There can be no vulnerability without risk; there can be no community without vulnerability;
there can be no peace, and ultimately no life, without community. - M. Scott Peck

Thursday, March 25, 2010

Sfumato Reflections - Thoughts from the smoke

I was tired last night and not looking forward to the trek out to Fallston and back for our small group meeting. On top of that, we had another technology challenged group last night - couldn't get the DVD to work. (I'm sure it was a good one, Tom - sorry we missed it.) The group spent the time talking about what we each got out of the Sfumato series. Here's what some of us had to say:
- the series pushed me for an increased effort to deny feelings less, especially as a guy, and honestly confront what those emotions mean and the effect they have in my life
- a greater realization of how the negative emotions seem to dominate our life and how the path to living more with the healthy, positive emotions is a deeper trust in God and living His word more fully each day
- how completely intertwined emotional and spiritual health are and how difficult it is to have one without the other
- a hesitancy to embrace the message of sfumato at the beginning was completely turned around by the idea of brokenness that opened up the idea of emotional and spiritual health in a new way
- how our culture, which encourages us to live by our emotions and seek emotional gratification above everything, creates a hazy, smoky view of life that often obscures the path God wants us to follow
There was much more and it was all good stuff. As always, I was glad I went.
On another note, we had a new member, who was invited by one of our guys, join us last night. We asked him why he wanted to be part of a small group. The first thing he said was that you can't attend Nativity very long without understanding from Fr. White's messages and being around Nativity that to be fully part of Nativity you have to participate in ministry and small groups. Clearly the importance of small groups is being communicated - even if people like me don't believe it's being done enough. It really was a moment of affirmation that we're on the right track and God is working.

Be Blessed,

Thursday, March 18, 2010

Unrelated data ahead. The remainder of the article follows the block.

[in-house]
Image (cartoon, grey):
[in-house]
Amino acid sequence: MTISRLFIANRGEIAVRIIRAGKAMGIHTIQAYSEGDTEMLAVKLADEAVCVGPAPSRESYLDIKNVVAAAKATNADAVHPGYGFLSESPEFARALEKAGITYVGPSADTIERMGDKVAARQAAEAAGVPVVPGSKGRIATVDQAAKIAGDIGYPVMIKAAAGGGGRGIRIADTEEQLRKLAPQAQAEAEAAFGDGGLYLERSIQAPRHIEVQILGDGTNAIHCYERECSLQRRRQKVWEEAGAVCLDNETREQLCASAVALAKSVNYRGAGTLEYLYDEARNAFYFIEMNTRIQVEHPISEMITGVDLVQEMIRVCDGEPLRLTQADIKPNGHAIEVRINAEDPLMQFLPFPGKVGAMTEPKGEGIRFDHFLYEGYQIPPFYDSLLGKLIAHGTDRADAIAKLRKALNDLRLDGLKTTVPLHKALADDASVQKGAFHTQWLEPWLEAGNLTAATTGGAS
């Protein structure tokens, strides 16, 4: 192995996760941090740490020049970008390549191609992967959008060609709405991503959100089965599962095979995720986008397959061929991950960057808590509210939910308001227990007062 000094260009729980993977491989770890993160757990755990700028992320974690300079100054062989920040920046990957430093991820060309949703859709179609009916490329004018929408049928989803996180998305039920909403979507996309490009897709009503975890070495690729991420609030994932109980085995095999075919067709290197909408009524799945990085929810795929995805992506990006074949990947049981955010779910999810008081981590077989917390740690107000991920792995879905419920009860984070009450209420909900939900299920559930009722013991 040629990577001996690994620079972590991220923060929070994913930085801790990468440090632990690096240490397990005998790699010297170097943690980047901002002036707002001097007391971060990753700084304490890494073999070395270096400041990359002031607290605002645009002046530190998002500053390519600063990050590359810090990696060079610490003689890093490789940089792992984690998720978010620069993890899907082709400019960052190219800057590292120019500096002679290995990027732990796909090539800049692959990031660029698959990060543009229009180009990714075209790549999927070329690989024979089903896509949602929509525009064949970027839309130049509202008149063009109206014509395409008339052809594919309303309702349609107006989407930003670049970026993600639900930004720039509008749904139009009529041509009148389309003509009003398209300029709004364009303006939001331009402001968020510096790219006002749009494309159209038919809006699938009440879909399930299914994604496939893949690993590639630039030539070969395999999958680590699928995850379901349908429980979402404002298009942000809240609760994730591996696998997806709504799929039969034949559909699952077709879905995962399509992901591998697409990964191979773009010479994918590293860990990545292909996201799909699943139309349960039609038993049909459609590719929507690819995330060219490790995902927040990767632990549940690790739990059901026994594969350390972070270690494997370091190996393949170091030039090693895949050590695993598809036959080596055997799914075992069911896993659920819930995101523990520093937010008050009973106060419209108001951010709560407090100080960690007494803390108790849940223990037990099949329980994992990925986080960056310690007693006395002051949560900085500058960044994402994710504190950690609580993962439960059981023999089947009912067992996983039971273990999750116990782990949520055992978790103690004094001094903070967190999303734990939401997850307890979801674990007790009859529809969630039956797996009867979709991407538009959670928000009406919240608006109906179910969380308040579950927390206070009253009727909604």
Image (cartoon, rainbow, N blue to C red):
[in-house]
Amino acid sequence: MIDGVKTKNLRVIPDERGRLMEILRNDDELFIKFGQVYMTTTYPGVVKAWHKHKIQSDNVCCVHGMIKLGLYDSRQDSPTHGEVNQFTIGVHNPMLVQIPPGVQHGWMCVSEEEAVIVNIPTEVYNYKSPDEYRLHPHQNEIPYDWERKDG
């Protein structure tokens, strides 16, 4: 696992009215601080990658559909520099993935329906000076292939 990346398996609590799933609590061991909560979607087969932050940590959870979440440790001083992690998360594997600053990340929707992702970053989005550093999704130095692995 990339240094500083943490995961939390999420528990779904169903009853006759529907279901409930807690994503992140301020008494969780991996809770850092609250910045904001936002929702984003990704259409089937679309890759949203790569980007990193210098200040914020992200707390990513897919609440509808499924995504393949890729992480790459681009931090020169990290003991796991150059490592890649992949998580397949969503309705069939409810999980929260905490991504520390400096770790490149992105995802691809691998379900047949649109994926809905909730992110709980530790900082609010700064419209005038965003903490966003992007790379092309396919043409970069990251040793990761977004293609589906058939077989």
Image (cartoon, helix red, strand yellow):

Spiritually Healthy

I was struck last night at group how my spiritual growth has accelerated since I've been in group. And I don't think that it is a coincidence that our group is where I have done some of my best work on my emotional health. Admitting my brokenness, dealing with my guilt, becoming more authentic with others and honest with myself, appreciating more fully my brothers' emotional and spiritual needs - all that an more have been part of my group experience. And I am closer to Jesus because of it. What a powerful linkage - spiritual growth and emotional growth. One fuels the other and closeness to God grows. Powerful stuff. We need to keep figuring out how to share the power of authentic small group experience with more and more people. Be blessed on the quest.

Wednesday, March 17, 2010


One of the things that has always struck me about my small group is the fact that it is the truest expression of church that I have.  The historic Church, the universal church, and our local church are all important, but - at least for me - our weekly gathering of men where we can be honest about our failures and struggles is my most important haven, after that church that is my own family and home.  It's where I get fueled up, and re-directed to go out into the world to try to pour myself out for (and into) other people who often don't reciprocate.  These brothers would take a bullet for me, and I for them.

The historic church has rich resources to ground us, and corporate worship is certainly centering and uplifting (if you have been around Nativity, you know if is frequently coupled with a challenging message that tend to make one's palms sweat just a bit), but my true shelter and encouragement is our group.  I love these guys.